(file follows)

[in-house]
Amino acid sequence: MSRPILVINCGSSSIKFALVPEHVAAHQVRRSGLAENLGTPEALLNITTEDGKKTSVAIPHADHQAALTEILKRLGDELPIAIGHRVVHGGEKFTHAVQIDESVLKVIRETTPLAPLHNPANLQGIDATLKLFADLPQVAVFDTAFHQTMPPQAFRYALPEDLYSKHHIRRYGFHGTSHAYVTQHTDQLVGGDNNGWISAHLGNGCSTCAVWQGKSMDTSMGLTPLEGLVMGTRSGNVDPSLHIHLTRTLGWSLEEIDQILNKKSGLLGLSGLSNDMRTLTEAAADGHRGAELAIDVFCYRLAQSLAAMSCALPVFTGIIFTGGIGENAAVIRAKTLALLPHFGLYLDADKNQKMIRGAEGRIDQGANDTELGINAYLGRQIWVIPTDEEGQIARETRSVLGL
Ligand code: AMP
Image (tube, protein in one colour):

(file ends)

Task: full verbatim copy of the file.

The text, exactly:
[in-house]
Amino acid sequence: MSRPILVINCGSSSIKFALVPEHVAAHQVRRSGLAENLGTPEALLNITTEDGKKTSVAIPHADHQAALTEILKRLGDELPIAIGHRVVHGGEKFTHAVQIDESVLKVIRETTPLAPLHNPANLQGIDATLKLFADLPQVAVFDTAFHQTMPPQAFRYALPEDLYSKHHIRRYGFHGTSHAYVTQHTDQLVGGDNNGWISAHLGNGCSTCAVWQGKSMDTSMGLTPLEGLVMGTRSGNVDPSLHIHLTRTLGWSLEEIDQILNKKSGLLGLSGLSNDMRTLTEAAADGHRGAELAIDVFCYRLAQSLAAMSCALPVFTGIIFTGGIGENAAVIRAKTLALLPHFGLYLDADKNQKMIRGAEGRIDQGANDTELGINAYLGRQIWVIPTDEEGQIARETRSVLGL
Ligand code: AMP
Image (tube, protein in one colour):